Keywords: Hold-out sample; Out of sample prediction; Feature selection; Cross validation; Model selection; Car type choice; Discrete choice modeling; Clean vehicles
    JEL: R41
    Date: 2013–09–16
  2. By: Edoardo Marcucci (Università degli Studi di Roma Tre)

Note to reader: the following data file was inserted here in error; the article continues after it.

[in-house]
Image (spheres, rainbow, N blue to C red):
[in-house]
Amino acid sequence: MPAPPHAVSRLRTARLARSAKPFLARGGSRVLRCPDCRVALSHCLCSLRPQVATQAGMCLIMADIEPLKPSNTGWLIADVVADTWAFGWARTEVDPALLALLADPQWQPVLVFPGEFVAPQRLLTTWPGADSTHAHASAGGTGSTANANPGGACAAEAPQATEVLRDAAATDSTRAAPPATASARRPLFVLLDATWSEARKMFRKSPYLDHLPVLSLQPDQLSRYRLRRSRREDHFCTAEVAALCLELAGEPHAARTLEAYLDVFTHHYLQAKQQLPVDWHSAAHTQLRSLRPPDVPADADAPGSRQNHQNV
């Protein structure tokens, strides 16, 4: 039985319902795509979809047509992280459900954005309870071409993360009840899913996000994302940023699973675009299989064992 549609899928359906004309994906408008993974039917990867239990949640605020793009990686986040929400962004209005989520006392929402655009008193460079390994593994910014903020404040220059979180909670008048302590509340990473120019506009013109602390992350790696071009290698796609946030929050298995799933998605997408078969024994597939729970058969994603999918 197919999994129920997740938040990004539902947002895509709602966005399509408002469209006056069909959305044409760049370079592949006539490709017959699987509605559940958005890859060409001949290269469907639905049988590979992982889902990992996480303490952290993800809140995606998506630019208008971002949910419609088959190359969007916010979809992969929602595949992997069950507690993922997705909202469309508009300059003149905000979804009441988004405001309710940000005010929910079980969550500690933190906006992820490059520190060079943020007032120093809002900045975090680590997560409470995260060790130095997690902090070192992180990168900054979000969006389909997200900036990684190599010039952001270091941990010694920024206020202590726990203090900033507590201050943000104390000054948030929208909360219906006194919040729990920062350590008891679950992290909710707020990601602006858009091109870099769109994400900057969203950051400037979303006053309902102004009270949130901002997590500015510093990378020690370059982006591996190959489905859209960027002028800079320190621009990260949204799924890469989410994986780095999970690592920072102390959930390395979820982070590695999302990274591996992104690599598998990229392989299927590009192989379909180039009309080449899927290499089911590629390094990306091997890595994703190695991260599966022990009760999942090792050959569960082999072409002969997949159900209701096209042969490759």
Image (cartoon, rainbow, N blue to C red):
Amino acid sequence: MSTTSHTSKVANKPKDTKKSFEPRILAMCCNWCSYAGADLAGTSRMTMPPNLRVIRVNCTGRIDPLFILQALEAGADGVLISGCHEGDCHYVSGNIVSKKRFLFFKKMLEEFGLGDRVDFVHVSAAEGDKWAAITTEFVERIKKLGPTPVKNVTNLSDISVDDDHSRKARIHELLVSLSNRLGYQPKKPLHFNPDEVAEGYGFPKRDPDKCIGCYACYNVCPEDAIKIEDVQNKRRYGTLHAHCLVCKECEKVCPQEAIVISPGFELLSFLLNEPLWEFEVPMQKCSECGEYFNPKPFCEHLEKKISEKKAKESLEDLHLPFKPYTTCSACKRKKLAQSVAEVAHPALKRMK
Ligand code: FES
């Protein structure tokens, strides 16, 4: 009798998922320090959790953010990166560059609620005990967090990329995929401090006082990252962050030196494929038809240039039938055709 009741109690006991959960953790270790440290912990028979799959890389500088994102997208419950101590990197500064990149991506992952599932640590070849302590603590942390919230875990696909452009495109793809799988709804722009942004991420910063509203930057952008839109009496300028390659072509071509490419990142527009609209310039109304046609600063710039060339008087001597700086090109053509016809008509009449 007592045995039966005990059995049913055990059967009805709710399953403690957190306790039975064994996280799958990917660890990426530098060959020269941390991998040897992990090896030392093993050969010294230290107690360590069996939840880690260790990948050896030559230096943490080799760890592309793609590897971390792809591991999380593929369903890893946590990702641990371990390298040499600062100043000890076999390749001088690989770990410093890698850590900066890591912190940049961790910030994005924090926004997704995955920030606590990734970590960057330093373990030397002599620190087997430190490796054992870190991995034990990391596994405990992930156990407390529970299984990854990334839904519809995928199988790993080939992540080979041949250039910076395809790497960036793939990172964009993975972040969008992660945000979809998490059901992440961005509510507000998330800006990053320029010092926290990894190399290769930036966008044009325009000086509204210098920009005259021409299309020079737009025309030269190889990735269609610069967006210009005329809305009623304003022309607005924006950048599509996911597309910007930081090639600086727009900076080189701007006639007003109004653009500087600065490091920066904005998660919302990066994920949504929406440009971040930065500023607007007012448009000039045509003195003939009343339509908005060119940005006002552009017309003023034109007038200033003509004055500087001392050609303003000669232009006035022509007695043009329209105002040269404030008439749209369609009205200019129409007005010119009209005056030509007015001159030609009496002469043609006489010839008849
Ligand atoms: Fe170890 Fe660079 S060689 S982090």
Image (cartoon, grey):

Abstract: This paper reviews a set of articles, based on stated preferences techniques, focusing on logistics managers' preferences for freight transport attributes with the intent of assessing the quality of knowledge applied research has produced, its reliability and transferability. Transport choices are relevant in a globalized economy where aggressive marketing strategies are often used to acquire a competitive advantage in the market. Freight transport modeling has been derived out of the classical four step approach developed for passenger transport. A new behavioral approach is progressively gaining popularity thanks to the specific behavioral focus it is based upon. The review performed indicates that there are some evident shortcomings in the way research has been performed so far but, at the same time, there is also a high potential if corrective actions are taken. In particular substantial improvements could be obtained by: 1) clearly defining research and reporting protocols; 2) define and circumscribe who has to be interviewed in the different freight contexts studied; 3) reporting the contractual relationships governing freight movements; 4) reporting freight details (e.g. volume, value, weight); 5) motivating the attribute selection method used. In summary, there is a need for systematizing the procedures and reporting adopted in applied research by introducing a much higher level of detail and rigor in both defying the object of measurement as well in the experimental design protocols employed.